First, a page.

Twin deficits are problematic because they rely on the proverbial kindness of strangers – foreign capital flows. But in a world of rising bond yields, there is a lot of competition for that capital. As the September Monetary Policy Committee statement noted, “tighter global financial conditions are likely to persist, raising the risk profile of economies needing foreign capital.”
South Africa is one of those countries, and the implication – although not expressly voiced in the statement – is that local interest rates will also need to remain higher for longer despite the impact on the local economy. Already, credit growth has halved since the start of the year to only 4.8% year-on-year in August. The expected inflation trajectory is also not a source of concern, though there is no room for complacency given the 30% jump in the rand oil price since the start of July. Some of the country’s biggest medical aid schemes have also announced big premium increases, affecting a substantial portion of the CPI basket (about 8%).
The bottom line is that the global environment has turned hostile for South Africa, with tighter financial conditions, softer export commodity prices and a higher oil price. But we have also scored own goals. Load shedding has been worse this year than any previous year, the country’s railways only carry a fraction of their historical freight volumes, and its biggest city and industrial heartland faces water shortages despite having full dams.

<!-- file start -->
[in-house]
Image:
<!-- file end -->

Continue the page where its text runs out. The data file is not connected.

Some of these problems can and are being fixed by allowing for greater private sector participation in sectors previously monopolised by the state. Others can only be addressed by a government that is now facing budget cuts across the board, potentially further reducing already-stretched capacity. However, these kinds of crisis moments often provide the best opportunities for meaningful change. When the status quo is a worse alternative than reform, politicians start acting, and we’ve seen evidence of this already.
In summary, it is still a tricky environment for investors, and we should expect volatility to remain a feature of the market landscape. Fortunately, the cost of sitting out this volatility (or diversifying against it) has gone down as interest rates have moved up. It also provides a better outlook for investors who need income. But don’t forget that the best long-term growth has always come from equities, especially when they are bought at sensible valuations. Outside of a handful of very large US stocks – the ones that dominate the benchmarks and grab the headlines – equity valuations are reasonable across the world and cheap in places like South Africa.
Izak Odendaal is an investment strategist at Old Mutual Wealth.